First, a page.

In the last in a series of three posts published on the TechTank Blog at the Brookings Institution, Network post-doc Justin Longo and Tanya Kelley, both of Arizona State University’s? Center for Policy Informatics?(CPI) and working under the guidance of Network member and CPI Director? Erik Johnston, conclude their examination of GitHub’s capacity for fostering public sector collaboration.
“Some will dismiss GitHub as ill-suited to document collaboration, too purpose-built and inflexible, the learning curve too steep, and the interface too unfamiliar. But, remember? how ugly our early 1990s websites were? These also existed at least five years before Google helped us find content, and when we had to dial a phone number to connect to the Internet. If we gave up then because the Web was ungainly, hard to use, and slow, we wouldn’t be blogging about it today.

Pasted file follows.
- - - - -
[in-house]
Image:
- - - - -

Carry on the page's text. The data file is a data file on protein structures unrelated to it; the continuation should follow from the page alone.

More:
The strengths of GitHub – its socialness, openness, transparency, versioning, feedback, and accountability – are the core of its value, and an ambitious goal is to adapt the underlying Git architecture with a revised user experience more suited to document collaboration.”